The Cavaleras share caustic vocal duties and trade caveman riffs, with standouts including the ferocious “Tumors” and punk-fuelled “Drug-O-Cop.” They’re flanked by drummer Johnny Valles, who pummels, blasts and D-Beats with purpose. After a brutal start to proceedings, the fury of “M.D.A. (Most Dangerous Animal)” kick-starts the record’s second half, which culminates in the title track; crust-laden death metal with a psychedelic edge that ultimately leads to one final beating. Father and son don’t seem too concerned with trends or subtlety; it’s all about making an unholy racket. And on that front, they’ve succeeded.
Helgrindur – Helgrindur (MDD)
Six years after Helgrindur‘s debut album Von Einst, they make their return with their long awaited second album Helgrindur. An intriguing blend of black, death, and pagan metal it almost blends itself into a new genre. With help from German heavyweights such as Wolfchant, Obscurity and Rosa, Helgrindur does what any good second album should do: build up from the previous album.
Drawing most of their song influences from German mythology and fairy tales, it’s almost as if Brothers Grimm themselves wrote the lyrics for this album. Each track for the most part follows your typical black metal rhythm but every now and then you’ll find a nice brutal melody section sprinkled in. Helgrindur could easily be a staple in the black/death metal scene especially with tracks like “Fernweh” and “Bergisches Land.”
Lynch Mob – Babylon (Frontiers)
George Lynch is a busy guy. Over the past several years, the one-time Dokken shredder released studio albums from a variety of projects, including KXM (with King’s X mainman dUg Pinnick and drummer Ray Luzier) and Sweet/Lynch with Stryper’s Michael Sweet. Lynch returns home with Babylon, a new record (and eighth overall) from his first post-Dokken project, Lynch Mob.
One constant with all these projects is Lynch’s instantly recognizable guitar tone. The clean, slightly-phased opening lick of “Erase” leaves no doubt who’s behind the guitar here. Much of the album features a breezy, ‘80s metal vibe with modern production, the riff on “I’m Ready” recalling Van Halen’s classic “Panama” with a slightly darker chorus. New singer Gabriel Colon bears a striking similarity to Myles Kennedy, with a hint of Axl Rose, adding an anthemic quality to another batch of solid, guitar-based rockers from Mr. Scary himself.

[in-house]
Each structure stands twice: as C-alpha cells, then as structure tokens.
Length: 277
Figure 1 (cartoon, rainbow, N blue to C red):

Night Ranger – 40 Years And A Night With The Contemporary Youth Orchestra (Frontiers)
Last year, veteran rockers Night Ranger did a show with Cleveland’s Contemporary Youth Orchestra, which is made up of Ohio musicians between the ages of 12 and 18. It was the band’s first time performing live with a symphonic orchestra, and the show was captured for 40 Years And A Night With The Contemporary Youth Orchestra, available on numerous configurations including CD, vinyl and Blu-ray.
The 11 song set covers their biggest hits alongside a couple of lesser known tracks like the title track from their 2014 album High Road.. It’s not surprising songs such as “Sing Me Away” and “Four In The Morning” work well with an orchestra. However, harder edged tracks like “(You Can Still) Rock In America” and “Don’t Tell Me You Love Me” also sound good with symphonic moments. One of the highlights of the show is the ten minute rendition of “Night Ranger” from their debut album Dawn Patrol. They close with their biggest hit, “Sister Christian,” which brings down the house. Decades after their release, these songs stand the test of time, no matter how they are arranged.
Noitila – Langennut (Nordvis)
Finnish black metal group Noitila stick to the bare necessities in creating their debut album, Langennut. They recorded it in a family cabin, used furniture like a leather chair to supplement their instruments, and went out into nature to put down the acoustic guitars that are sprinkled in “Noitilaan” and the title track. They tap into the mysticism of the genre, hearkening back to the days of black magic and spiritual awakenings.
Evil is not just a figure in the shadows but an idea that is spread beyond the stars. That seems to be the band’s message, though considering the lyrics are in their native tongue, it’s up to interpretation for those unfamiliar with the language. With such a low-fi setup, Langennut is produced with an ear to the past that isn’t just a rehash of black metal’s legacy.